December 5, 2007

I am fascinated by the unfolding story of the Florida State Board of Administration’s Money Market fund that I discussed on December 3. Bloomberg reports that the Executive Director has quit:

Coleman Stipanovich, the head of an agency managing a troubled $14 billion Florida investment pool for local governments, quit as officials approved a plan by BlackRock Inc. to salvage the fund.

Stipanovich, whose brother J.M. “Mac” Stipanovich is a Tallahassee lobbyist and Republican strategist who ran former Governor Jeb Bush’s campaign for governor in 1994, was appointed executive director of the state board in 2002.

In the late 1990s, Coleman Stipanovich worked as a lobbyist for PaineWebber Inc. in Florida and was paid $7,500 per month to help the firm win municipal bond business.

Stipanovich, a Vietnam veteran, has a master of science degree in criminal justice administration from Michigan State University and a bachelors of science in criminology from Florida State University.

Pretty impressive credentials for running an investment management firm with $184-billion under management, eh? There’s a small biography on the site:

As Executive Director of the State Board of Administration of Florida (SBA), Coleman Stipanovich serves as the Chief Investment Officer of the fifth largest pension fund in the United States. Total assets under management at the SBA are in excess of $150 billion, which includes the Florida Retirement System Pension Plan (Defined Benefit Trust Fund) and Investment Plan (Defined Contribution Trust Fund). Under broad authority granted by the Trustees, the Executive Director has administrative and investment authority and responsibility, within the statutory limitations and rules, to develop investment policies and tactically manage investments. The Trustees are Governor Charlie Crist, Chief Financial Officer Alex Sink, and Attorney General Bill McCollum.

But look at him:


Isn’t that just the kind of distinguished look that investment counsellors should all have? I haven’t been able to find any CV on the web that might possibly shed some light on why this man was considered suitable to run a large asset management firm – all I’ve found is a story about his 2002 appointment and a record of his reappointment. If anybody has information that might clarify the question of his qualifications, please share it.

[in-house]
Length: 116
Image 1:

But I suspect it’s just political patronage. Investment counsellors are all a bunch of overpaid yumps who, on average, perform averagely, right? So I suppose that since any idiot can do it and get paid extremely well while doing so, it doesn’t make any difference who you hire.

Just for comparison, let’s look at the CV of Jim Leech, CEO of Teachers.

Mr. Leech joined Teachers’ in 2001 to lead Teachers’ Private Capital and succeeded Claude Lamoureux as President and CEO in 2007.

Before joining Teachers’, Mr. Leech was President and CEO of Unicorp Canada Corp., one of Canada’s first public merchant banks, and Union Energy Inc., then one of North America’s largest integrated energy and pipeline companies.

Now, I don’t know Mr. Leech. I haven’t worked with him, I haven’t studied his career in detail, I haven’t even spoken to the man. But I have a lot of respect for Teachers’ and whether or not Mr. Leech is the perfect man for the job, it seems to me that this is the way public funds should be run … a guy with a solid CV runs a division for six years, THEN gets to be boss. Maybe that CV is in investment management, maybe it’s in some other industry … but it’s solid.

I last reviewed Prof. Stephen Cecchetti‘s series on subprime on November 28. Part 3 of the series, Why Central Banks should be Financial Supervisors talks about some countries’ separation of function that are elsewhere combined:

In places like Italy, the Netherlands, Portugal, the United States and New Zealand, the central bank supervises banks. By contrast, in Australia, the United Kingdom, and Japan, supervision is done by an independent authority.

He notes that Bernanke is an ardent supporter of combination: